I sent the following note out on Facebook earlier today. As of yet, I think it’s had pretty limited impact, at best. And, although that may be as much as I can realistically hope for, I still hope for more:
Since then, our average rating at “Rotten Tomatoes” has dropped pretty steadily as more and more negative “reviews” have been posted. While occasionally checking in on this process, I’ve observed a couple of phenomena that are worthy of note:
(1) Increasingly, the negative “reviews” to which I referred above have borne the first names and last initials — this is the conventional form that “Rotten Tomatoes” uses to only partially identify the people who post comments there — of friends and acquaintances of mine. One of them, in fact, uses the first name and the initial of the surname of a very close friend of mine whose name was pirated just a few weeks ago for a bogus letter to the editor in the leading English-language Israeli newspaper. The identity-thief in that episode used my friend’s name to accuse me, in a Jerusalem newspaper with a large international reach, of being an anti-Semite and an enemy of Israel. Having been on the receiving end of this sort of thing for most of my adult life now, I’m reasonably confident that this isn’t mere coincidence and not even mere religious hostility but, instead, a personal jab at me.
(2) So far, the negative reviews all give Witnesses a half star, out of a scale that goes up to five stars. Without exception. This seems extremely unlikely to be mere chance or simple movie-reviewing. Surely at least one or two genuine audience reviewers who see the film as flawed would likely give it a full star. Or maybe two stars or even three or four stars. But a half star is the lowest rating possible on “Rotten Tomatoes.” Without giving a rating that is at least that high, the aspiring “reviewer” won’t be permitted to make his or her negative comment about the film. If it were possible to give an absolutely zero rating for Witnesses, I’m certain that that is what we would be getting from these folks. And, of course, they’re very aware that, mathematically, it will take quite a few good ratings (even five-star ratings) to make up for just one half-star rating.
I admit to being somewhat indignant about what I see as unprincipled people abusing the “Rotten Tomatoes” system. (Plainly, it’s easily abused.) I regard this sort of behavior as an unethical attempt to strangle our film in its cradle. And the film simply doesn’t deserve that. Nor do the many people who sacrificed time and/or money and/or energy to create it — notable among them Mark Goodman, James Jordan, and Russell Richins. I dislike injustice, and yet it seems obvious to me that that’s what this is.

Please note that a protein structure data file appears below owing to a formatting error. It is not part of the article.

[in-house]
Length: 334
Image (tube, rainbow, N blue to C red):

So, if and when you’ve seen Witnesses, I ask you — seriously — to go to the “Rotten Tomatoes” website and post a brief review there. A sentence or two will suffice, although I’m told that slightly longer is somewhat better. You’ll need to register to post a review, but that’s easily and quickly done. (You’ll need to put in your email address, but it won’t be shared or made public.). And again, I urge you to be honest. If you feel that you can give us a five-star review, we’ll be very gratified. But, if you think the movie deserves only four or three or two stars, or even (sincerely) a half-star, go ahead and give it the rating that you genuinely believe it deserves. Please don’t let the trolls have the victory here.
Meanwhile, I’ll share with you an actual movie review that has been published in Meridian Magazine:
According to his biography as it appears on the Meridian website:
Marshall’s credits include work for Warner Brothers, CBS Television, Leucadia Film Corp., ABC, HBO, MGM, Universal Television, Showtime, New Line Cinema and Cannon Films. Projects include Touched By An Angel (1996-2003), Everwood (2002), Of Mice and Men (1992), The Stand (1994), and Wes Craven’s New Nightmare (1994).
Marshall served for seven years as the Director of the Utah Film Commission (2007-2014) and during his tenure received numerous accolades and recognitions including P3 Update Magazine: Top 10 places to film in the U.S., Variety magazine Best Film Office Support and Envision Utah’s Common Good Award for enhancing Utah’s image throughout world and the 2017 Impact Award at the Utah Film Awards. Marshall oversaw the production of over 140 film and television projects that utilized the Utah Motion Picture Incentive Program since 2004 including High School Musical, 127 Hours, John Carter, The Lone Ranger and Granite Flats.
Marshall lives in American Fork, Utah with his wife Michelle and daughter Brittany; they also have 5 married children, and nine grandchildren.